For Too Long We Have Only Known Western Stories of the Himalayas
Sophie Cousins on the Cruel Beauty of Mountaineering and
the Literature It Breeds
I never had any desire to climb mountains—nor even a single one—before I moved to Nepal.
Growing up along the coast in the flattest continent in the world, mountaineering wasn’t exactly a sport Australians were encouraged to take up. I used to wonder who those masochists were—the ones I read about in National Geographic who chose to subject themselves to no sleep, the bitter cold, and a lack of oxygen. It sounded truly awful, but the images were extraordinary.
When I moved to Kathmandu several years ago, I began to understand not just the physical pull of the mountains, but their intense spiritual calling. On days where the pollution would recede enough to show off the mighty Himalaya, from my balcony I could see Manaslu, the eighth-tallest mountain in the world, its white knife-edged summit soaring into space. Sometimes I would sit on my rooftop, alone, and stare in the distance, in awe of her beauty and sheer scale. When I watched planes fly below her, I would shake my head and think that I was a fool to be enticed by a sport that is so deadly, one that has taken far too many lives far too early.
But as I would sit there watching the sun set, I could feel it in my soul that the mountain was speaking to me; she was tempting me. I channelled that message into action, gaining experience on smaller peaks in the Himalaya and the Andes. I was meant to climb Manaslu last September, but the expedition was cancelled due to the pandemic and Nepal’s desire to keep remote mountain communities free of the virus. If I wasn’t scaling mountains, though, I wanted to be reading about the people who had. I wanted to read books that captured the human texture of the landscape; stories that embodied the true experience of mountaineering and the deep spiritual awakening that went along with pursuing something that is not only a sport, but also a layered, profound experience of the highest order.I could feel it in my soul that the mountain was speaking to me; she was tempting me.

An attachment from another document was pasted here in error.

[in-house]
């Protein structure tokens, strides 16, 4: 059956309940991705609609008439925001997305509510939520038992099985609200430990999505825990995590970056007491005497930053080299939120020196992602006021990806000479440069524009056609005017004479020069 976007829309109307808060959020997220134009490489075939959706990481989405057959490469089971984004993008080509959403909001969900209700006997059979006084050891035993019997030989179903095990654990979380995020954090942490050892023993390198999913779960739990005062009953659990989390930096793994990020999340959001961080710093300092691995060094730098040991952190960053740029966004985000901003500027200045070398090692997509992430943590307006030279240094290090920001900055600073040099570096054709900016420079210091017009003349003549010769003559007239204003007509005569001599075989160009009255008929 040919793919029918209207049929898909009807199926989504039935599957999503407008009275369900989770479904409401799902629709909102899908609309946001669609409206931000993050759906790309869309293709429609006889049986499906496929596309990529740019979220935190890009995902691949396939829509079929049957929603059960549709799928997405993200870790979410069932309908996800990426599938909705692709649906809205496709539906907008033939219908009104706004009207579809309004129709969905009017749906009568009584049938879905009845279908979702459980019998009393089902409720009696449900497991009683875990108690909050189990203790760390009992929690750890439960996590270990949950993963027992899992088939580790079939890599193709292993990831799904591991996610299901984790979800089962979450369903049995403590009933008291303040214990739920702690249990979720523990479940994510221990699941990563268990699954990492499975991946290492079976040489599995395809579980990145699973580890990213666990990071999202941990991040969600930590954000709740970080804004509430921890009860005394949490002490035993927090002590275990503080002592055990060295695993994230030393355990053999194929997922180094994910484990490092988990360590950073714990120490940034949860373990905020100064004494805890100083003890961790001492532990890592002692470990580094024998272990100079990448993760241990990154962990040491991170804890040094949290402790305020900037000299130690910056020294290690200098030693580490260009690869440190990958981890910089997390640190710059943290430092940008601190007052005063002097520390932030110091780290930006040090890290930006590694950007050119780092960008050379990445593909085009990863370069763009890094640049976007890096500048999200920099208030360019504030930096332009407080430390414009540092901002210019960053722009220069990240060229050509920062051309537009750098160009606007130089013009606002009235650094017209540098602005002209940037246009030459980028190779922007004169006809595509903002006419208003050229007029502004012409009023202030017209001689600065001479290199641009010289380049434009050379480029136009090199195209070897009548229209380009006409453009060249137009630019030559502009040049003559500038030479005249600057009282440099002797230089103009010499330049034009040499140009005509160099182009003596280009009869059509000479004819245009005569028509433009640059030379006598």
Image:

But I quickly realized that for as long as mountaineering has existed, English-language mountaineering literature has been focused on telling stories about the tough, strong white male adventurer—the Westerner who scaled peaks in foreign, “exotic” places like the Himalaya. It became quickly apparent (though it has begun to shift in recent years) that these male adventurers—some with questionable or no experience—believed they had scaled some of the world’s greatest peaks alone, as if mountaineering was a sport that was dedicated to the individual pursuit of excellence.
It was this view that governments in the West actively encourage. In 1929, as the Nazis rose to power, Germany launched its first post-war Himalayan mountaineering expedition to the world’s third-highest mountain, Kangchenjunga, with one very clear mission: to rebuild faith in German manhood. In The Himalayan Journal, the mountaineer (and propagandist) Paul Bauer documented their expedition through the use of military metaphors as if the mountain was a battlefield: He referred to climbers as “solders”; climbing became “marching”; and the act of ascending the mountain was replaced with the words, “assault” and “attack.”
The use of military metaphors has long permeated society and is by no means restricted to sport. Susan Sontag wrote Illness as a Metaphor primarily in response to the rise of military metaphors used to describe people who have cancer—something that continues to contribute to the stigmatization of those with certain diseases. “There is the ‘fight’ or ‘crusade’ against cancer; cancer is the ‘killer’ disease; people who have cancer are ‘cancer victims’,” she writes.